Budgets:
Low
Genre:
Dark Comedy, Dramatic Comedy, Coming-of-Age, Sci-Fi & Fantasy
Logline:
A slacker finds himself working at a unique mausoleum which combines embalming techniques with artificial intelligence, and finds a renewed sense of purpose when he's convinced a woman was murdered by her husband.
Strengths:
The relationship which develops between Andy and Carlotta is a sincere and heartfelt bond which emotionally grounds the story and offers Andy a chance to grow as a person. The whole concept of a mausoleum which uses AI and residual emotions is a creative idea that allows for a lot of sincerity. Finally, the breakdown of Andy and Holly’s relationship feels very organic and true to life, and it’s easy to see from his old video why Andy wants to salvage this doomed relationship.
Weaknesses:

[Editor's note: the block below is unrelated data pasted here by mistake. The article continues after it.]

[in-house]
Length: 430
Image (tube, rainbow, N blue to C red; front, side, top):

While a suspension of disbelief is required and necessary for the story to work, there are elements of Andy’s character that contradict themselves, and some of these issues undermine the story’s logic. For instance, if Andy’s a relatively bright philosophy major, shouldn’t he realize that breaking into someone’s personal email (dead or alive) is both illegal and immoral? You don’t need to be a law student to realize that this will get Andy in trouble, so it weakens him as a character and this feeling of inevitability saps some of the rising tension. Instead, he should realize that the only way that Gabriel will get caught is via a confession, and there’s many comedic ways to approach this. Additionally, it’s not clear why Gabriel would put Carlotta in this mausoleum; after her death, he’s gotten what she wants, their new relationship is frosty and there’s nothing indicating that she’s there because of her will. Is there something she’s hiding that he needs? Does he still love her deep down? There’s a chance to make him a deeper antagonist if there’s a distinct reason why she’s in this unorthodox mausoleum.